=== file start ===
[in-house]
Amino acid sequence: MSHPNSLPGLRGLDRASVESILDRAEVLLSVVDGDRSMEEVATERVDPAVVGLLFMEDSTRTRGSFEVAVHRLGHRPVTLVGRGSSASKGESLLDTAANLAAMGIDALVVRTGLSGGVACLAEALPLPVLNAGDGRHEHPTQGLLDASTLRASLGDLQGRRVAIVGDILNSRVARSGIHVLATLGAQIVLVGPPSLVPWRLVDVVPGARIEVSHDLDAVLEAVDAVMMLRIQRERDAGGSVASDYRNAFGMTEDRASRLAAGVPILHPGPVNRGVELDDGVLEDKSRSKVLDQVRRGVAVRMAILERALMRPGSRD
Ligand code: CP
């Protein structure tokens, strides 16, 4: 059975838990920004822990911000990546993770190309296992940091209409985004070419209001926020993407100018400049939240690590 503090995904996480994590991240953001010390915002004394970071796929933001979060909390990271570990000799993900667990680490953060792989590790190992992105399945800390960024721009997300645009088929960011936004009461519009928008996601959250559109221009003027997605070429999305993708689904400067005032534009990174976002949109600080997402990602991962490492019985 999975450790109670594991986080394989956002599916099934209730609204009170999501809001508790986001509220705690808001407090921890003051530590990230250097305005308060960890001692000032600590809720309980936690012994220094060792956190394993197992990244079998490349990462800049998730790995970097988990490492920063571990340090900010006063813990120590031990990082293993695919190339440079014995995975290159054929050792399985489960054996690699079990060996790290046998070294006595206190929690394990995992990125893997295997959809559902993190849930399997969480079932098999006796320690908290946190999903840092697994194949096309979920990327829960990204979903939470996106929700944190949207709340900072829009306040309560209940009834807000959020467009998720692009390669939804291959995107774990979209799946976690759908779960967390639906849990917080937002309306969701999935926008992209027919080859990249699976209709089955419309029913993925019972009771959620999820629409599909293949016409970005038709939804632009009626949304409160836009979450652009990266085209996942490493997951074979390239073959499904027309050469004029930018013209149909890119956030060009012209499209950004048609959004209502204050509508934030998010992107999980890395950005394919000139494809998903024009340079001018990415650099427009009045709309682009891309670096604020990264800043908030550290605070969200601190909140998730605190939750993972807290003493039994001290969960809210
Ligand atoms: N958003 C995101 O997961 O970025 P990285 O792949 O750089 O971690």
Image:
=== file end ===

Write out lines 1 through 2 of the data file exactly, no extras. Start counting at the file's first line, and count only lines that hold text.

[in-house]
Amino acid sequence: MSHPNSLPGLRGLDRASVESILDRAEVLLSVVDGDRSMEEVATERVDPAVVGLLFMEDSTRTRGSFEVAVHRLGHRPVTLVGRGSSASKGESLLDTAANLAAMGIDALVVRTGLSGGVACLAEALPLPVLNAGDGRHEHPTQGLLDASTLRASLGDLQGRRVAIVGDILNSRVARSGIHVLATLGAQIVLVGPPSLVPWRLVDVVPGARIEVSHDLDAVLEAVDAVMMLRIQRERDAGGSVASDYRNAFGMTEDRASRLAAGVPILHPGPVNRGVELDDGVLEDKSRSKVLDQVRRGVAVRMAILERALMRPGSRD